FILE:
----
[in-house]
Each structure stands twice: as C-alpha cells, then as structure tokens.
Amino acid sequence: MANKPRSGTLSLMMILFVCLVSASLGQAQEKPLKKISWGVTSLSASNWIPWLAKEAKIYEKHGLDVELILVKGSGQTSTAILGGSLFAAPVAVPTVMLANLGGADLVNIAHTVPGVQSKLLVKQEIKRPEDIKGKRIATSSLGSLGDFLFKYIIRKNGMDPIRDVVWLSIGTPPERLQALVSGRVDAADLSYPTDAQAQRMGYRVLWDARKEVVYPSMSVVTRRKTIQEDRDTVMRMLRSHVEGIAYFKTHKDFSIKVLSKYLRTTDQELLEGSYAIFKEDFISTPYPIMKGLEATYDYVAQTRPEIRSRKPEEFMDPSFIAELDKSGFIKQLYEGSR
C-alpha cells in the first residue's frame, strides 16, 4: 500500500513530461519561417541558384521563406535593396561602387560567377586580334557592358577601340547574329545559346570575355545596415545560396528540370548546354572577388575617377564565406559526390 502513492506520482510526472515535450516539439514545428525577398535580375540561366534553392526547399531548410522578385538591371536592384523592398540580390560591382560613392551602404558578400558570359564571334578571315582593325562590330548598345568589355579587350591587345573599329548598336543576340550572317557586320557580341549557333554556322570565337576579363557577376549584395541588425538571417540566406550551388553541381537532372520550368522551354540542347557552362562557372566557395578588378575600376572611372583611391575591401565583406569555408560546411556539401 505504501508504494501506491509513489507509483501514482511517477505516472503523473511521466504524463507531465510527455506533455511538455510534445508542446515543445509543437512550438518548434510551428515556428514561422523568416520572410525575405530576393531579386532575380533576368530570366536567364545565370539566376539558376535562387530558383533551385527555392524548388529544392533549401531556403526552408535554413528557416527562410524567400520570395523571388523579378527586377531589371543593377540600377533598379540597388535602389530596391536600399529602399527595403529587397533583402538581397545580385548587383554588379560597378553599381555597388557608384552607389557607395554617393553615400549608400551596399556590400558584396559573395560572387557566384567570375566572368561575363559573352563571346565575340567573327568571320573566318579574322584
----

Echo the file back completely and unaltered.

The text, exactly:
[in-house]
Each structure stands twice: as C-alpha cells, then as structure tokens.
Amino acid sequence: MANKPRSGTLSLMMILFVCLVSASLGQAQEKPLKKISWGVTSLSASNWIPWLAKEAKIYEKHGLDVELILVKGSGQTSTAILGGSLFAAPVAVPTVMLANLGGADLVNIAHTVPGVQSKLLVKQEIKRPEDIKGKRIATSSLGSLGDFLFKYIIRKNGMDPIRDVVWLSIGTPPERLQALVSGRVDAADLSYPTDAQAQRMGYRVLWDARKEVVYPSMSVVTRRKTIQEDRDTVMRMLRSHVEGIAYFKTHKDFSIKVLSKYLRTTDQELLEGSYAIFKEDFISTPYPIMKGLEATYDYVAQTRPEIRSRKPEEFMDPSFIAELDKSGFIKQLYEGSR
C-alpha cells in the first residue's frame, strides 16, 4: 500500500513530461519561417541558384521563406535593396561602387560567377586580334557592358577601340547574329545559346570575355545596415545560396528540370548546354572577388575617377564565406559526390 502513492506520482510526472515535450516539439514545428525577398535580375540561366534553392526547399531548410522578385538591371536592384523592398540580390560591382560613392551602404558578400558570359564571334578571315582593325562590330548598345568589355579587350591587345573599329548598336543576340550572317557586320557580341549557333554556322570565337576579363557577376549584395541588425538571417540566406550551388553541381537532372520550368522551354540542347557552362562557372566557395578588378575600376572611372583611391575591401565583406569555408560546411556539401 505504501508504494501506491509513489507509483501514482511517477505516472503523473511521466504524463507531465510527455506533455511538455510534445508542446515543445509543437512550438518548434510551428515556428514561422523568416520572410525575405530576393531579386532575380533576368530570366536567364545565370539566376539558376535562387530558383533551385527555392524548388529544392533549401531556403526552408535554413528557416527562410524567400520570395523571388523579378527586377531589371543593377540600377533598379540597388535602389530596391536600399529602399527595403529587397533583402538581397545580385548587383554588379560597378553599381555597388557608384552607389557607395554617393553615400549608400551596399556590400558584396559573395560572387557566384567570375566572368561575363559573352563571346565575340567573327568571320573566318579574322584